Drug Index

Mefenamic acid

 
print

Mechanism :

It is an NSAID and used as an analgesic in the treatment of painful musculoskeletal problems, chronic JRA.


Indication :

• Menstrual pain

• Musculoskeletal pain

• Fever

• Rheumatoid arthritis

• Osteoarthritis

• Relief of pain with inflammation


Contraindications :

Hypersensitive to drug/class/component.

ASA or NSAID-induced asthma or urticaria, Aspirin triad, Pregnancy 3rd trimester, Renal disease, CABG surgery periop use, Active PUD.

Caution if Prolonged use, Bleeding from ulcer, Cardiovascular, renal or hepatic disease, Anticoagulant use or Coagulation disorder, Asthma, Diuretic use.


Dosing :

<14 years: Not recommended.

≥14 years: Initial 500 mg orally once, then 250 mg PO every 6 hours as needed usually not more than 7 days in pain and not more than 3 days in primary dysmenorrhea.


Adverse Effect :

Serious Reactions: Hypertension, GI bleeding, hepatotoxicity, stroke, thromboembolism, GI perforation/ulcer, Stevens-Johnson syndrome, congenital hepatic fibrosis, renal papillary necrosis, myocardial infarction, blood dyscrasias, nephrotoxicity, bronchospasm, anaphylactoid reaction, exfoliative dermatitis, anemia, toxic epidermal necrolysis.

Common Reactions: dizziness, dyspepsia, elevated ALT/AST, fluid retention, ecchymosis, tinnitus, headache, somnolence, rash, peripheral edema, photosensitivity, abdominal pain, anorexia, diarrhea, nausea, gastritis, flatulence, constipation, steatorrhea, upper GI ulcers.


Interaction :

Acenocoumarol: The NSAID, mefenamic acid, may increase the anticoagulant effect of acenocoumarol.
Alendronate: Increased risk of gastric toxicity.
Anisindione: The NSAID, mefenamic acid, may increase the anticoagulant effect of anisindione.
Azilsartan medoxomil: Increases toxicity of each. May deteriorate renal function, particularly in volume depleted or elderly patients. Decreases effects of azilsartan by antagonism.
Colesevelam: Bile acid sequestrants may decrease the absorption of Nonsteroidal Anti-Inflammatory Agents. Monitor for decreased serum concentrations/therapeutic effects of nonsteroidal anti-inflammatory agents (NSAID) if coadministered with bile acid sequestrants. Separating the administration of doses by 2 or more hours may reduce (but not eliminate) the risk of interaction.
Cyclosporine: Monitor for nephrotoxicity.
Dicoumarol: The NSAID, mefenamic acid, may increase the anticoagulant effect of dicumarol.
Eltrombopag: Increases levels of Mefenamic acid via metabolism decrease. UDP-glucuronosyltransferase inhibition with unclear significance.
Lithium: The NSAID, mefenamic acid, may decrease the renal excretion of lithium. Increased risk of lithium toxicity.
Methotrexate: The NSAID, mefenamic acid, may decrease the renal excretion of methotrexate. Increased risk of methotrexate toxicity.
Tamoxifen: Mefenamic acid may reduce clearance rate of Tamoxifen. Monitor for changes in therapeutic/adverse effects of Tamoxifen if Mefenamic acid is initiated, discontinued or dose changed.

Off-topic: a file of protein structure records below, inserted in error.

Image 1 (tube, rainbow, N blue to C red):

Tolbutamide: Mefenamic acid, a strong CYP2C9 inhibitor, may decrease the metabolism and clearance of Tolbutamide, a CYP2C9 substrate. Consider alternate therapy or monitor for changes in Tolbutamide therapeutic and adverse effects if Mefenamic acid is initiated, discontinued or dose changed.
Torasemide: Mefenamic acid, a strong CYP2C9 inhibitor, may increase the serum concentration of Torasemide, a CYP2C9 substrate, by decreasing Torasemide metabolism and clearance. Consider alternate therapy or monitor for changes in the therapeutic and adverse effects of Torasemide if Mefenamic acid is initiated, discontinued or dose changed.
Trandolapril: The NSAID, Mefenamic acid, may reduce the antihypertensive effect of Trandolapril. Consider alternate therapy or monitor for changes in Trandolapril efficacy if Mefenamic acid is initiated, discontinued or dose changed.
Treprostinil: The prostacyclin analogue, Treprostinil, may increase the risk of bleeding when combined with the NSAID, Mefenamic acid. Monitor for increased bleeding during concomitant therapy.
Trimethoprim: The strong CYP2C9 inhibitor, Mefenamic acid, may decrease the metabolism and clearance of Trimethoprim, a CYP2C9 substrate. Consider alternate therapy or monitor for changes in therapeutic and adverse effects of Trimethoprim if Mefenamic acid is initiated, discontinued or dose changed.
Voriconazole: Mefenamic acid, a strong CYP2C9 inhibitor, may increase the serum concentration of voriconazole by decreasing its metabolism. Monitor for changes in the therapeutic and adverse effects of voriconazole if mefenamic acid is initiated, discontinued or dose changed.
Warfarin: Mefenamic acid, a strong CYP2C9 inhibitor, may decrease the metabolism of warfarin. The antiplatelet effect of mefenamic acid may also increase the bleed risk associated with warfarin. Consider alternate therapy or monitor for changes in the therapeutic and adverse effects of warfarin if mefenamic acid is initiated, discontinued or dose changed.


07/21/2019 22:26:12 Mefenamic acid
ask a doctor
Ask a Doctor
Disclaimer: The information given by www.pediatriconcall.com is provided by medical and paramedical & Health providers voluntarily for display & is meant only for informational purpose. The site does not guarantee the accuracy or authenticity of the information. Use of any information is solely at the user's own risk. The appearance of advertisement or product information in the various section in the website does not constitute an endorsement or approval by Pediatric Oncall of the quality or value of the said product or of claims made by its manufacturer.
0 0 0 0 0 0 0 0 0 0 0 0 0 0 0 0